I have earlier written that I believe risk is priced way too cheaply. It has become cheaper since back then. A “credit event” on Greece could be one step in the direction of normalising the price of risk. But it would not be pretty.

Monday, 6 June 2011

The value of implicit bank guarantees

In an event little noticed outside of Denmark, the Danish FSA and the finance ministry let the country’s former fifth largest bank, Amagerbanken, go bust . This happened after a couple of attempts at recapitalising the bank. Remarkably, the holders of Amagerbankens’s bond debt were told that they could line up with other creditors to get their money back.

It has created quite uproar in Denmark’s financial sector, where previous bank collapses had been handled with “due respect” for the interest of bond holders. 

As a direct consequence, the international (read: the US) rating agencies have downgraded Danish banks several times since then, most recently at the end of May.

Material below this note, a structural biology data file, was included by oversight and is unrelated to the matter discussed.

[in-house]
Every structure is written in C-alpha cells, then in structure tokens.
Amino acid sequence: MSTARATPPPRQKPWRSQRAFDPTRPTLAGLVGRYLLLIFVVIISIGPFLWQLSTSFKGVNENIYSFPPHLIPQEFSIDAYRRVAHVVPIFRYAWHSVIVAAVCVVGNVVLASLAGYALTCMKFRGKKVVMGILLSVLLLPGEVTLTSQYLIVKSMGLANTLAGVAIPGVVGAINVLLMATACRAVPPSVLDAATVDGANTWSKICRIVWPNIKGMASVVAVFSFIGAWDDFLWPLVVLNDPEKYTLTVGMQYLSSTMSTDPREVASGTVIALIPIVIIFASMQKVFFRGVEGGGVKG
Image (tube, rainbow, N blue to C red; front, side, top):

Predictably, Danish banks are lamenting the fact that the government has shown its willingness NOT to compensate bond holders.

Their spin is that the lower ratings mean higher funding costs and thereby a competitive disadvantage for Danish banks. So we are to believe that the FSA and the finance ministry willingly have weakened the position of the country’s own banks?

One could look at it differently. I have several times wondered why simple capitalist principles were not applied when it came to the banking sector. The answer is that a) the banks were much weaker than anybody outside the sector had expected and b) the banks have been very good at making politicians believe that it would be the end of civilisation as we know it if banks and their owners/creditors were to shoulder the burden of their own greed and recklessness.